Thursday, 10 December 2009

Hollywood Babble On & On #411: Quo Vadis Universal?

Welcome to the show folks...


The times they are a changing over at NBC-Universal. The company's going to have new owners once the regulators give their blessing, which is inevitable because new owner Comcast and outgoing owner GE have gone out of their way to kiss the right asses in Washington.

But this isn't about politics, this is about that wacky business we call show, so let's get down to that...

Another change at Universal is the hiring of Debbie Liebling as the new VP of production. She has a background in comedy, being behind such things as
South Park, and Borat, back before the concept got flogged to death with Bruno.

That's a plus for her, considering comedies like
The Hangover did surprisingly big business recently, and are traditionally cheaper than the big money blockbusters.

However, even though legend says that Universal was saved from bankruptcy by the success of the Abbot & Costello movies, a modern studio can't survive on comedies alone. So here are a few hints for Debbie from a smug internet know-it-all.

1. Don't let the stars blind you. Basically, few stars can deliver consistently these days. Don't let their position on the People Mag 50 Most Beautiful list fool you. If they don't put bums in seats, they don't get the big money.

2. Control costs. I know I harp at this, but movie budgets are freaking insane. $150 million for
Land of the Lost? Too much for too little, and what happened to The Wolf-Man? I mean $100 million spent, and they have to go back for reshoots? Someone has to crack the whip.

3. Stop being the studio that flogs dead horses. One of the oldest traditions at Universal is to take something that may have been successful, in some form, in the past, and then flog it to death.
Jaws did great, Jaws 2 did okay, Jaws 3D stank like dead fish, but that didn't stop them from spending even more money on Jaws 4: The Revenge. And it's not a recent thing, they killed their own classic horror franchises of the 1930s and 1940s via over-exposure. Lately that trend has gone from sequels that no one wants to remakes of old movies and TV shows that no one wants. Don't be afraid to be original, there was no Hangover series in the 1980s, and Taken wasn't a cheap children's show in the 1970s.


Christmas time is a special time in Hollywood, and it's not just about the holiday box office, or the annual rash of out of control menorah fires, it's the beginning of Oscar season. It's the time the companies release their Oscar pics, and run "for your consideration" ads for the films that were already released.

Patrick Goldstein, the Big Picture blogger, seems to be amused at Universal's attempt to get a Best Picture nomination for the Judd Apatow/Adam Sandler dramedy Funny People.

But I can imagine a situation where he wouldn't be smirking at the ad campaign, and trying to explain Universal's motives behind, and it all has to do with smell.

You see in Hollywood, it's all about smell, and sadly the people who made Funny People gave the film a funny smell.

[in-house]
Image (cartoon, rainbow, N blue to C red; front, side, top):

You see the film divided critics, but that rarely effects films that Academy voters consider Oscar worthy, and not that it's a comedy, the expanded Best Picture roster means that a comedy about surviving cancer and coming to terms with stuff might actually have a shot at a nomination, what will probably kills its chance is the stench of failure.

You see the film made about $50 million in domestic box office. Which isn't bad, except the film cost about $75 million to make, not including prints and advertising.

And that gave it the stench of failure.

You see Apatow should have seen that his labour of love's mix of humour, cancer, and relationship melodramas may have been a bit of a hard sell and aimed low. Remember what I said about "self indugence" and how the Coen Brothers were smart? No? Too lazy to click the link? Fine. Basically, I said that the Coens did the smart move and took their movie which was a hard sell and did it cheaper than cheap, this creates insulation on two levels.

1. Reduction of risk. Doing a self-indulgent film on the cheap exponentially increases the chances of it at least breaking even, or possibly even making a profit.

2. The Noble Failure. Even if the film tanks at the box office, the sacrifice of eschewing big salaries, luxurious trappings, and obese expense accounts, will give critics, pundits, and more importantly Oscar voters to view the film more charitably.

Sadly, Funny People didn't do the Coen thing, Universal, drunk from the success of Knocked Up, and all the other Apatow related projects, were tossing money at them with both hands, and Apatow & Co., confident at his Midas digit, grabbed with both hands.

Funny People shouldn't have cost $75 million, but it did. It's what cost it's chance at profitability, and it probably killed its chance to win any awards or critical respect either.


  1. Blast Hardcheese11/12/09 9:50 am

    I remember the days, back when dinosaurs roamed the streets and David Lynch's 'Dune' came out, when $40 million was considered a ridiculous amount of money to spend on a movie. And that was for a SFX-laden extravaganza with lots of things blowing up.

    And that's what I don't understand - how on EARTH could 'Funny People' cost $75 million? Basic filming costs can't have gone up that much, right? Is is only due to higher salaries for the 'stars'?

  2. In 1980 Heaven's gate sank United Artists and that film cost 40 million and that film was considered way over budget. In 1977 20th Century fox spent about 11 million on a little film called Star Wars they were taking a huge risk as the film was expected to be box office debacle.